Time travel is real. Traverse a wormhole and over 33 years are
compressed into a moment. Yesterday on February 1, 1972, I entered the
library as a new graduate with a Masterís in Library Science. Today, Iím
retiring. With spectacular views of the cosmos, itís been an
What Iíve seen in that slice of time is a community growing and
adapting. Yet, the underlying principle of altruism remains strong.
Leading the way in the library, are the trustees. They give of their
time with no remuneration. They lead by serving.
The library charter states a member of the Howe Family, the Brown
line, will hold a perpetual succession on the Library Board. During my
tenure, Iíve had the privilege of working with three generations:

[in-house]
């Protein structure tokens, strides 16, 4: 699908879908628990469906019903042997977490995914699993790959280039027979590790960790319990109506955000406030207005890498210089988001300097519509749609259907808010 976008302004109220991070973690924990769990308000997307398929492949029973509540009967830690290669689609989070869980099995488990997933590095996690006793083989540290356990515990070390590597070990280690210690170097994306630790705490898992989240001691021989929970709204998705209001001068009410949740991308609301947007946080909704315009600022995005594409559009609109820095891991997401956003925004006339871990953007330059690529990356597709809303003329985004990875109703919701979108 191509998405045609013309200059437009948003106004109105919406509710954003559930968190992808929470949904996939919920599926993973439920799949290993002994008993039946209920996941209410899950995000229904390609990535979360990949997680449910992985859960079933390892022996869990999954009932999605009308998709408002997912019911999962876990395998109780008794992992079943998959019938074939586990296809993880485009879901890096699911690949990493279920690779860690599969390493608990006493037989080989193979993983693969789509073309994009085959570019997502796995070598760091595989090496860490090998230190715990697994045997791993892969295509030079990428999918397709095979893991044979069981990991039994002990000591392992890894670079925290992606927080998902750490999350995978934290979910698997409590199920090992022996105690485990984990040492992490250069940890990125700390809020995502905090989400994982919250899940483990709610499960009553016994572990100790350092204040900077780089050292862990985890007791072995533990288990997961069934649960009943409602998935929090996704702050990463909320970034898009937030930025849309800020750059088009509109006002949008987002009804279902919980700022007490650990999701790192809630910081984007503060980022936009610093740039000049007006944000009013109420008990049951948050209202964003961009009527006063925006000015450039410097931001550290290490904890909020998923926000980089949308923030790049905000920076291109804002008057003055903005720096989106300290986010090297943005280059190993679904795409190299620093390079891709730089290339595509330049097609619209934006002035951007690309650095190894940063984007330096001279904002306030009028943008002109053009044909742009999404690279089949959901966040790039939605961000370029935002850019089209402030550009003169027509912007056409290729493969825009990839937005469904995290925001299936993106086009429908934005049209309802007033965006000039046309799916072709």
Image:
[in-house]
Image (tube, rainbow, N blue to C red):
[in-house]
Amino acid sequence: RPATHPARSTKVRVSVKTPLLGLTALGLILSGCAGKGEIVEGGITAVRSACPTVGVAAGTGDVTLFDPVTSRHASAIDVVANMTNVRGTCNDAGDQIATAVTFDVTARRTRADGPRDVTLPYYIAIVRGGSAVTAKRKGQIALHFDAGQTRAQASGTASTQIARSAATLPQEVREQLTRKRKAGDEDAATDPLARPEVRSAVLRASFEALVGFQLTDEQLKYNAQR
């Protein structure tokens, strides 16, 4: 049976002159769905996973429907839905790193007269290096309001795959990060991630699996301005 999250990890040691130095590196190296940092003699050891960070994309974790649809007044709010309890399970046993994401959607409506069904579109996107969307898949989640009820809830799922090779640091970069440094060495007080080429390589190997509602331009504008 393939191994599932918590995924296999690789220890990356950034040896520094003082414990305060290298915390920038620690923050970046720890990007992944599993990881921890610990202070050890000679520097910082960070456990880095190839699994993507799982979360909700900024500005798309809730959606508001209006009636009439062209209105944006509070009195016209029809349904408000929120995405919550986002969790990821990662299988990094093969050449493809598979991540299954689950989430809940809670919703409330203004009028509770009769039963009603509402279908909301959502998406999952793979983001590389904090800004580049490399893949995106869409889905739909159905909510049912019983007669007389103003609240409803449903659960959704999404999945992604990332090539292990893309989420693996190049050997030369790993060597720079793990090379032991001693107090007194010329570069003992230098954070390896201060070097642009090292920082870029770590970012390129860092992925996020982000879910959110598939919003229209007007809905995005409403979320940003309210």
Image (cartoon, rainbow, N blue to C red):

Dorothy Comstock, Edwin Comstock, Jr. and brothers Edwin Comstock III
and Donald Comstock. All had a vision of the importance of the library
and worked as untiring advocates. Don nobly carries on the family
tradition since 1979.
In 1893, a group of thirteen women interested in literature formed
the Monday Club. One of the earliest presidents, Louise Brown, convinced
her nephew, David A. Howe, about the importance of a library in
Wellsville. Mr. Howe left a million dollars for the building and
maintenance of the library. The Monday Club still meets and gives to the
Ask for help and there is a volunteer. Many people work behind the
scenes doing a multitude of tasks. Some do clerical work Ė shelving
videos, reading and straightening books, cutting and laminating DVD,
video and CD cards, moving books, preparing scrapbooks, labeling
magazines, repairing books, etc. Others donate their specialized skills
like caulking stonework or carpentry repairs.